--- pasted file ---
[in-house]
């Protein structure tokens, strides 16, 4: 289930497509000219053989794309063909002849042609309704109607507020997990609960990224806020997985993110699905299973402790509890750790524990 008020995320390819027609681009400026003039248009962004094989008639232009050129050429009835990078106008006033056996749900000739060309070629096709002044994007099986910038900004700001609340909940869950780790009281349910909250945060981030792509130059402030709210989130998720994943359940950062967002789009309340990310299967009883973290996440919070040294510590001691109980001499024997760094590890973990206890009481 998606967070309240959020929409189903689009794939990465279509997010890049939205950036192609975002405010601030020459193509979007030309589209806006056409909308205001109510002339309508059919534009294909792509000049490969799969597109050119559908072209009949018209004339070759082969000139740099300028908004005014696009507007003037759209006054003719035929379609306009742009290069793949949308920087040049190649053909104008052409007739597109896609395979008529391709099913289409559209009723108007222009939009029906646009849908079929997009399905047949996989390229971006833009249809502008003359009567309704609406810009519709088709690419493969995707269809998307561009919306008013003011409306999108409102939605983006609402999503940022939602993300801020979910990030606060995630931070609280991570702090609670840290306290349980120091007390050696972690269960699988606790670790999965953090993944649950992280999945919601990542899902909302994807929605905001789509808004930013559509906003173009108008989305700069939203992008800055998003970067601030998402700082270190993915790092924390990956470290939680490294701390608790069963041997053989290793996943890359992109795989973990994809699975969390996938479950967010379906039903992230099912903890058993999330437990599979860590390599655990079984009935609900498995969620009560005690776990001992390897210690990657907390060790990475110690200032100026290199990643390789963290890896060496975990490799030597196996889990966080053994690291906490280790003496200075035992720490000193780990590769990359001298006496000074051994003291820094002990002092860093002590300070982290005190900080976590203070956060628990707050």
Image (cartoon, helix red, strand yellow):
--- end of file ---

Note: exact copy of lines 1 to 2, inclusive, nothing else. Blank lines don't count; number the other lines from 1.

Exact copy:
[in-house]
């Protein structure tokens, strides 16, 4: 289930497509000219053989794309063909002849042609309704109607507020997990609960990224806020997985993110699905299973402790509890750790524990 008020995320390819027609681009400026003039248009962004094989008639232009050129050429009835990078106008006033056996749900000739060309070629096709002044994007099986910038900004700001609340909940869950780790009281349910909250945060981030792509130059402030709210989130998720994943359940950062967002789009309340990310299967009883973290996440919070040294510590001691109980001499024997760094590890973990206890009481 998606967070309240959020929409189903689009794939990465279509997010890049939205950036192609975002405010601030020459193509979007030309589209806006056409909308205001109510002339309508059919534009294909792509000049490969799969597109050119559908072209009949018209004339070759082969000139740099300028908004005014696009507007003037759209006054003719035929379609306009742009290069793949949308920087040049190649053909104008052409007739597109896609395979008529391709099913289409559209009723108007222009939009029906646009849908079929997009399905047949996989390229971006833009249809502008003359009567309704609406810009519709088709690419493969995707269809998307561009919306008013003011409306999108409102939605983006609402999503940022939602993300801020979910990030606060995630931070609280991570702090609670840290306290349980120091007390050696972690269960699988606790670790999965953090993944649950992280999945919601990542899902909302994807929605905001789509808004930013559509906003173009108008989305700069939203992008800055998003970067601030998402700082270190993915790092924390990956470290939680490294701390608790069963041997053989290793996943890359992109795989973990994809699975969390996938479950967010379906039903992230099912903890058993999330437990599979860590390599655990079984009935609900498995969620009560005690776990001992390897210690990657907390060790990475110690200032100026290199990643390789963290890896060496975990490799030597196996889990966080053994690291906490280790003496200075035992720490000193780990590769990359001298006496000074051994003291820094002990002092860093002590300070982290005190900080976590203070956060628990707050």